Shortly after Indonesia's general election campaign started on March 16, a man turned up at the Marzoeki Mahdi Hospital here to be treated for depression.
He told doctors he could not bear to see or be near the party flags and posters of candidates that had gone up on trees and along the roads of this city, some 80km south of Jakarta.
They reminded him of the trauma he had suffered in 2009, when he lost not only his bid for a national Parliament seat but also his house and a fortune in campaign spending.
The man was hospitalised for a month, head nurse Siti Noor Triana told The Straits Times.
"He lashed out at anyone who told him he was a patient. He kept saying he had just had an important meeting on some proposed draft Bill. He thought he was an MP," she recalled.
The man cannot be named for reasons of patient confidentiality.
With vote-counting for Wednesday's election under way and results starting to trickle in, several mental health institutions, including this hospital, are anticipating similar election-related trauma cases.
More than 200,000 candidates from 12 national parties are vying for nearly 20,000 seats - in the 560-seat national Parliament, 33 provincial and 497 district and city assemblies, and also the 132-seat regional representative council in Jakarta. The failure rate will be very high.
In what is believed to be the first such case this year, a provincial assembly candidate from Sinarancang village in West Java sought help from a local spiritual leader on Thursday after finding out he had won very few votes.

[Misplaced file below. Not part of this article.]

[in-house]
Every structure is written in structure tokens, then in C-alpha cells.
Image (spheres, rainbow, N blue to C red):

TV footage showed Mr Witarsa, still wearing his Democratic Party jacket, breaking into tears as the cleric doused him with water and recited a prayer for him.
Last month, Social Affairs Minister Salim Segaf Aljufri urged state hospitals to be ready to treat candidates in distress.
In Jakarta, the Soeharto Heerdjan hospital has set aside 14 rooms for such cases.
Marzoeki Mahdi, built in 1882 and now run by the Health Ministry, is the oldest mental hospital in Indonesia. After the 2009 election, it treated nine failed candidates, who were hospitalised for depression, and several dozen outpatient cases. Some treatments lasted several months.
In almost all the cases, the candidates had spent huge sums of money on their campaigns, from printing posters and T-shirts to holding rallies. Some even sold their cars or used their homes as collateral to fund their campaigns.
Dr Abdul Farid Patutie, Marzoeki Mahdi's head of organisation and external relations, said one man refused to leave his bedroom for several days until his family members persuaded him to seek treatment.
"We normally receive such patients a week after the election. Others come weeks later with milder symptoms of depression that do not require them to be hospitalised," he added.
Observers note that these contests can be fierce, with candidates willing to take a huge gamble because the rewards are worth it. Errant MPs and assemblymen are often in the news, arrested or jailed for abusing their authority and accepting lucrative kickbacks.
It is this vicious circle that leads candidates to risk overstretching their resources and then breaking down when they fail, said psychiatrist Lahargo Kembaren, who treated such candidates at Marzoeki Mahdi five years ago.
Doctors must engage patients in dialogue and discussion to improve their mental condition, Dr Lahargo told The Straits Times.
"This is why we doctors should also understand politics."